Cultural evolutionary accounts of shamanism must explain the cross-cultural recurrence and variation in associated practices. We suggest that Singh's account of shamanism would be strengthened by considering the social functions of shamanism in groups. Shamanism increases social group cohesion, making it distinct from other magico-religious practices.
Freshwater mussels are declining rapidly worldwide. Propagation has the potential to restore numbers of these remarkable organisms, preventing extinction of rare species and maintaining the many benefits that they bring to aquatic ecosystems. Written by practitioners with firsthand experience of propagation programs, this practical book is a thorough guide to the subject, taking readers through the process from start to finish. The latest propagation and culture techniques are explored as readers follow freshwater mussels through their amazing and complex life cycle. Topics covered include the basics of building a culture facility, collecting and maintaining brood stock, collecting host species, infesting host species with larval mussels, collecting and culturing juvenile mussels, releasing juveniles to the wild, and post-release monitoring. This will be valuable reading for any biologist interested in the conservation of freshwater mussel populations.
The purpose of this study was to quantify the effect of multidrug-resistant (MDR) gram-negative bacteria and methicillin-resistant Staphylococcus aureus (MRSA) healthcare-associated infections (HAIs) on mortality following infection, regardless of patient location.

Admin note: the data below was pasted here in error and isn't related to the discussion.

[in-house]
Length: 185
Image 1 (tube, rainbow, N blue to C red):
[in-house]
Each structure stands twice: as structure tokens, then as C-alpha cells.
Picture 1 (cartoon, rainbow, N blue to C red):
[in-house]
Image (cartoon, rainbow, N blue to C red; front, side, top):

We conducted a retrospective cohort study of patients with an inpatient admission in the US Department of Veterans Affairs (VA) system between October 1, 2007, and November 30, 2010. We constructed multivariate log-binomial regressions to assess the impact of a positive culture on mortality in the 30- and 90-day periods following the first positive culture, using a propensity-score–matched subsample.
Patients identified with positive cultures due to MDR Acinetobacter (n=218), MDR Pseudomonas aeruginosa (n=1,026), and MDR Enterobacteriaceae (n=3,498) were propensity-score matched to 14,591 patients without positive cultures due to these organisms. In addition, 3,471 patients with positive cultures due to MRSA were propensity-score matched to 12,499 patients without positive MRSA cultures. Multidrug-resistant gram-negative bacteria were associated with a significantly elevated risk of mortality both for invasive (RR, 2.32; 95% CI, 1.85–2.92) and noninvasive cultures (RR, 1.33; 95% CI, 1.22–1.44) during the 30-day period. Similarly, patients with MRSA HAIs (RR, 2.77; 95% CI, 2.39–3.21) and colonizations (RR, 1.32; 95% CI, 1.22–1.50) had an increased risk of death at 30 days.
We found that HAIs due to gram-negative bacteria and MRSA conferred significantly elevated 30- and 90-day risks of mortality. This finding held true both for invasive cultures, which are likely to be true infections, and noninvasive infections, which are possibly colonizations.